The Second Circuit holds that a town in western New York may have violated the Fair Housing Act after it gave homeowners a chance to modify their property to accommodate their disabled child but required them to eliminate the improvements once the child stops living there.
The case is Austin v. Town of Farmington, decided on June 21. When plaintiffs moved to the town with their severely disabled son, they ran into zoning restrictions. The problem was the parents wanted to install a fence to keep the child within the yard, and an above-ground pool that would provide aquatic therapy. The town granted plaintiffs a variance and allowed them to put up the fence and pool. The catch was that the fence and pool must be removed from the property after the child stopped living at the property, or when plaintiffs sold the property. It cost the family over $30,000 to put in the fence, pool and deck. They then sued the town under the Fair Housing Act.
At first glance, I did not see the legal issue here, and there is not much case law governing disputes like this. The town granted plaintiffs the accommodation when they moved in. But while the town does not want the variance to run with the land -- allowing later occupants to enjoy the improvements -- plaintiffs want to avoid the cost of tearing down the improvements. They also want to capture the increase in value of the property caused by the modifications if they ever sell the property. The Second Circuit (Winter, Raggi and Droney) says a juror "might find that a restoration requirement in some circumstances so burdens a party wanting to modify a property to accommodate a disabled person that it amounts to a refusal of a reasonable accommodation."
As always in reasonable accommodation cases, the issue of "reasonableness" is complicated, with balancing factors that often require a full evidentiary record. When you draft a law that turns on "reasonableness," you are asking for a lawsuit. Here is how the Court of Appeals sums up the competing interests and balancing factors:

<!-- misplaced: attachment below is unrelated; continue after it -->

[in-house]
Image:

Applied to the context of land-use regulations, relevant factors may include the purposes of the restriction, the strength of the Town’s interest in the land-use regulation at issue, the need for uniformity, the effect of allowing later landowners without a disability to enjoy the lack of a restriction on pools, decks, and fences, while all their neighbors are subject to it, the likelihood that a permanent variance will cause other landowners subject to the regulation to seek similar variances, etc.
Balanced against those factors is the cost of removal –- again, whether out of pocket or in a reduced sale price. We say no more because there are undoubtedly a host of relevant factors looking in both directions to be considered. Moreover, we do not want to make gratuitous statements that may seem to address other of the multitude of land-use regulations, e.g. historic landmarking, etc.
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Stephen Bergstein is a civil rights lawyer in Orange County, N.Y. He has briefed or argued more than 200 appeals in the state and federal courts.